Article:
Apparently, college students are hot on the spy market right now, in both China and the US.
A month after the FBI rolled out a cheesy microfilm “Game of Pawns: The Glenn Duffie Shriver Story” about an American college student who was recruited to spy for China, Beijing releases its own Shriver stories of Chinese college students being recruited by foreign intelligence agencies for espionage activities.
In the FBI story, Shriver, a Michigan native who studied in Shanghai, was approached by a Chinese woman who later turned out to work for the Chinese government. Shriver was encouraged to seek US government jobs, more specifically, at the CIA, with the aim of accessing classified information. He pleaded guilty to espionage charges in 2012 and was sentenced to 4 years.
The Chinese version includes mirror stories of Shriver. According to detailed reports by CCTV and Global Times, a pro-government newspaper in China, certain foreign intelligence agencies have been recruiting Chinese college students “over a dozen times” through the Internet.
First, there was this guy Xu Peng, who, like Shriver, told his stories from behind the bars. Again, like Shriver, he was first approached by a woman “Miss Q” on instant messaging tool QQ when he was a student at a naval science college in Guangdong province.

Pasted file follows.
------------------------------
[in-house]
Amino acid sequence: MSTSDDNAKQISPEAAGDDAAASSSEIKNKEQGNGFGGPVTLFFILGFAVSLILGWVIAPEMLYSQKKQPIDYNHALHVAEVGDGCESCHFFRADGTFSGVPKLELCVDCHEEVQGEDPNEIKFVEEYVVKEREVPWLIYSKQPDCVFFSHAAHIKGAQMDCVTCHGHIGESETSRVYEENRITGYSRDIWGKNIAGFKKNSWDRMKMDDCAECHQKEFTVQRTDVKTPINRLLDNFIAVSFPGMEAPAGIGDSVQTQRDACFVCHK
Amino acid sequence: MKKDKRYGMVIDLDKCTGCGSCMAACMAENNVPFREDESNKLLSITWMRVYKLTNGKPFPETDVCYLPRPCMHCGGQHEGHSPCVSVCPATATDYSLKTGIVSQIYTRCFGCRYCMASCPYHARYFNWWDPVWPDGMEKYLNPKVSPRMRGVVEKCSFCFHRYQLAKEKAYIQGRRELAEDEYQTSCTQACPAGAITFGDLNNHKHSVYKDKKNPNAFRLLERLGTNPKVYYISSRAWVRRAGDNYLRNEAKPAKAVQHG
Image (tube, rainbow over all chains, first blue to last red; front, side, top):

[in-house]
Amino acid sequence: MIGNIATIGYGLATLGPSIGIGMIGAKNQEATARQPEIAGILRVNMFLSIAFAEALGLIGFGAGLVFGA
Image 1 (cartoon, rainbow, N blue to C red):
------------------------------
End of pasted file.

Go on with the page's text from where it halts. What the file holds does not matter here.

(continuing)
Miss Q, who claimed to be a “researcher at a foreign investment consulting company”, told Xu that her clients needed logistic and merchandising information of the People’s Liberation Army. Xu was asked to take pictures of military installations in a nearby port, earning some $500 a month. He was arrested in 2013.
There was also Song Fei, a then college student in Zhejiang province. He applied for an analyst position at a market research firm that was said to provide business and market insights to “foreign companies interested in investing in China.” Song was asked to collect and write reports about the Chinese government, with varying payments from $400 to $8000 per report.
Like Shriver, Song was encouraged to seek Chinese government jobs. He was offered an allowance of $500 a month so that he could prepare full-time for China’s civil servant exam, and was advised to apply for positions at “provincial governments, think tanks or research organs,” instead of lower-level jobs.
Are these reports Beijing’s response to the FBI video? It surely looks like so, but you never know because in China, state media function to facilitate government agenda. Just today, CCTV broadcast the “confession” of Gao Yu, a 70-year-old political analyst and journalist, who was arrested for “leaking state secrets to foreign media.”
Is there a bigger crackdown coming in the name of busting foreign spies? Who knows. But like many netizens pointed out, more people than one’d expect are at the risk of being accused of spying – after all, China is a country where even the assets of officials are “state secrets.”